Ridgefield students seem ready to protest at the drop of a hat.
Three and a half weeks before their planned rally against gun violence at Ridgefield High School, a group of 11 students walked out of Tuesday night’s Board of Education meeting in dissent after hearing that the event should be moved to the weekend.
“Legally, I want to know what we’re doing here,” said board member Jim Keidel, who serves as an attorney at the firm Keidel, Weldon & Cunningham in Wilton.
He considered a waiver of liability for the April 20 event which is set to take place on school grounds.
“If they fall, if they trip and fall going down the stairs to Tiger Hollow. … There are lots of issues here cause they’re not attending school sitting in the class.”
He was also worried about how the National School Walkout at RHS on Friday, April 20, would affect school security, and wondered if the board should be sanctioning the rule-breaking event that would see kids walk out of school at 10 a.m. that day.
“Under the student guidelines, if someone’s out of school for 10 days, you need a doctor’s note. … What if someone walks out and that’s their 11th day?” Keidel asked.
“It’s a slippery slope,” he added.
The student organizers, led by RHS sophomore Lane Murdock, who founded the National School Walkout movement in February, sensed that the discussion wasn’t going in their favor and abruptly got up from their seats and left the room.
“You can protect us, but we’re going to walk out anyway,” senior Paul Kim told the board as he walked out.
Kim later told The Press that the decision to walk out had been spontaneous, and was not planned in advance by the students.
“I thought certain members of the board were speaking in pejoratives that were condescending toward, not just the walkout movement specifically but student activism as a whole,” he said. “We disagreed wholeheartedly with some of the opinions posed by certain board members and we hoped that by walking out we could express our contempt in a civil and productive manner.”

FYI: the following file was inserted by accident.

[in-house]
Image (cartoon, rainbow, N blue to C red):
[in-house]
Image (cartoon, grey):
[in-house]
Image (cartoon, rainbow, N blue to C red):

Murdock also said the walkout from the meeting was spontaneous. She pointed to hesitancy not only from Keidel but from other board members.
On Tuesday night, board member Tracey O’Connor wondered if the walkout movement would inspire similar protests on immigration or other political topics.
Board member Sharon D’Orso said she took issue with the “disruption to learning” that the walkout could cause. She also raised concern with the schools sanctioning a “political event” while school is in session.
Vice Chairman Doug Silver said the “friction” of civil disobedience was part of the event.
“The inherent nature of taking responsibility is also taking consequences,” he said.
Board member Jonathan Steckler questioned whether the schools should have a say in the event.
“I hope we don’t end up turning a beautiful act of civil disobedience into [getting] a permission slip,” he said.
RHS Principal Stacey Gross said that something could happen to students any day. She said she didn’t “have words to describe” how seriously she takes the safety of every human being in her building.
“But we shouldn’t let that fear prevent us from letting our students grow,” she said. “We’re asking, Can you help us figure out some kind of balance in that?”
Gross said she wanted the board to give her guidance on the event so she does not violate board policy by sanctioning the event — an offense that could cost her her job, she said.
The board voted for Gross to work with stakeholders to ensure the walkout is “conducted as safely as possible on school grounds, with minimum disruption to student learning.”
Murdock, who told the board the students expect to pay for security costs through raising funds from supporters, said the students were frustrated when the board appeared stuck between whether or not to support the rally.
“It was stated that those were the two options and they weren’t going to do either,” Murdock said after the meeting. “They were stalling. We have no patience for that. We are happy that Dr. Gross can now fully support us without risk of termination, and are glad that the board finally did go into action. That being said, they did so after we walked out.”